We decided to continue with the plan to go, given that it was all booked, and hoped that Jessica’s sleep would settle down, especially as all four us were in the same hotel room. However, this was not the case. We had a terrible journey down – what should have been a 2 hour drive turned into a 5 and a half hour marathon which was not fun with a 1 year old and an overtired Jessica.  Jessica would try to sleep in the car (which just goes to show how exhausted she was, as she never sleeps in the car) but would keep waking with the same strange episodes.
Our first night in the hotel was ok – Jessica slept the best she had all week, and so off to Peppa Pig World we went on the Saturday morning. The park itself was great, and lived up to its good reputation. However, it was the hottest day of the year so far and there is NO shade in Peppa Pig World. Both girls went on a variety of rides – Anna enjoyed herself and, bless Jessica, she did try really hard to have a good time. But she was just too tired. We spent the whole day on the Saturday there, and then went back to the hotel. We then had a terrible night, and on the Sunday morning we were all exhausted. Given that the Sunday was supposed to be even hotter than the day before, and how tired we all were, we  decided not to return to Peppa Pig World, but to cut our losses and drive straight home, hopefully missing all the traffic. We got home in good time and all crashed in front of the television to watch Andy Murray win the Wimbledon final (Jessica loves watching tennis!.) Jessica loved everyone cheering and clapping, and Anna would cheer and clap as well, although I don’t think she had a clue what it was all about!
It was such a shame the weekend didn’t work out - maybe we will try it another time, as under normal circumstances, I think Jessica would love it.
We have an appointment with Jessica’s consultant this week, and then another at Great Ormond Street Hospital next week, so I hope we will soon have a better idea of what is going on. What I do know is that neither Jessica, or us, can go on like this.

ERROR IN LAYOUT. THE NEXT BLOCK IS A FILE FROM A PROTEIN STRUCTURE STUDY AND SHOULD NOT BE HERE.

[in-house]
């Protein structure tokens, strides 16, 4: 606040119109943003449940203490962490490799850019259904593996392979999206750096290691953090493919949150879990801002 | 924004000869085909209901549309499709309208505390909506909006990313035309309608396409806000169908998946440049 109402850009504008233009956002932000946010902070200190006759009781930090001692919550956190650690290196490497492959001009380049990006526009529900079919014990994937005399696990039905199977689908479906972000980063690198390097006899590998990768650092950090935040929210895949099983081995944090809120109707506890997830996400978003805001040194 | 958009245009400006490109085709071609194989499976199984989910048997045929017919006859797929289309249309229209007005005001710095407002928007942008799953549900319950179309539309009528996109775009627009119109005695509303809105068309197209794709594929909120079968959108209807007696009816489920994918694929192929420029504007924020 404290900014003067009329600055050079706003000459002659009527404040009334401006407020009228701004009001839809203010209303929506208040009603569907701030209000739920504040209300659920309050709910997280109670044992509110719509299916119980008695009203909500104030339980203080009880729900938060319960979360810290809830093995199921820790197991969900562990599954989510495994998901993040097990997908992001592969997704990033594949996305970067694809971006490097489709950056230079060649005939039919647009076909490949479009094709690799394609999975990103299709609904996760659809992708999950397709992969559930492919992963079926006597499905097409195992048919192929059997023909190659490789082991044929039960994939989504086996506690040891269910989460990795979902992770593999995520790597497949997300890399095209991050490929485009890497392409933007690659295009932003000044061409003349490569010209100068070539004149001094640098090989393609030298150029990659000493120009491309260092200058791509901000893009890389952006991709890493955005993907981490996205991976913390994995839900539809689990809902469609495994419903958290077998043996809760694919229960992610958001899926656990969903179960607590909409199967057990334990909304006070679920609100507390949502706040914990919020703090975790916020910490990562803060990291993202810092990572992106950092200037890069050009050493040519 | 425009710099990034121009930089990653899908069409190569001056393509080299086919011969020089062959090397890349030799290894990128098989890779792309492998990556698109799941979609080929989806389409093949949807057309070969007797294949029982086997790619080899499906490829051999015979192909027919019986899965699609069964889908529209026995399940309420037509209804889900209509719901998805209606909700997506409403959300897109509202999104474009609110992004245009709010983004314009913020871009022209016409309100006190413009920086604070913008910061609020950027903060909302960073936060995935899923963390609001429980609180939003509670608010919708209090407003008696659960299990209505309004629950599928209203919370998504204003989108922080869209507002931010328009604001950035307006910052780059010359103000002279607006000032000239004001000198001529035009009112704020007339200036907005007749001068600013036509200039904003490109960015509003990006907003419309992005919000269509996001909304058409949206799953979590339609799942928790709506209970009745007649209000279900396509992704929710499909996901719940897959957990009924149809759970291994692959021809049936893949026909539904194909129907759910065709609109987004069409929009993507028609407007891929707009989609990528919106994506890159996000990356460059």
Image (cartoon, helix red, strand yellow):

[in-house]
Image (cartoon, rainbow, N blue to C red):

Thursday, 4 July 2013

Jessica needs holidays too....

We have recently returned from an amazing two week holiday in Greece. This was a much needed break for myself and my husband, and we had been very much looking forward to it.  The last year has been difficult and stressful, as I wrote about in my previous post here. I needed a break from rushing around, and all the “organisation” that goes with having a disabled child with complex needs.

We were staying in a villa, in a small resort with a communal pool, an amazing beach, and a kids club. Now, I never thought I would want a holiday with a kids club - to me holidays are for family time.  However, Jessica cannot entertain herself, and needs an adults help to do, well, absolutely everything.  We can’t do what we see other parents doing – sitting by the pool reading their books, while looking up occasionally to say “don’t run” or “share your toys” etc. Any down time for us is on our own, and at the expense of the other parent caring for, or entertaining, Jessica by themselves. Given that we also have a lively one year old whose needs are completely different to Jessica’s, this means that both myself and my husband often end up taking a child each, with neither of us getting any time to relax.  To allow myself and my husband some much needed time together, we felt that we needed to seriously consider the kids club. The staff had British qualifications, with one member of staff being trained in looking after children with disabilities and special needs, were happy to have Jessica, and both girls settled in very quickly and happily.
It took myself and my husband a few days to wind down, and gradually relax into the flow. However, what caught me unawares was that the same went for Jessica. After a couple of days, you could see Jessica visibly relax, and start to chill out. I don’t know why this surprised me – I find our life stressful, and I don’t have half of the challenges that Jessica faces every day.  It was lovely to see her so relaxed, and having such a great time. Jessica and her sister were in the pool every day, which they both loved, and they both really enjoyed the kids club. We also went to a water park, and spent the day taking both girls down the slides on our laps – they started giggling at the top, laughing out loud all the way down and then laughing again when they came back to the surface after being submerged at the bottom!
The holiday was a complete success –  I got to spend some proper time with my husband, and we had a great time all together as a family. We have some amazing memories and have come home rejuvenated, and ready to face the challenges ahead. And I think that applies to Jessica too!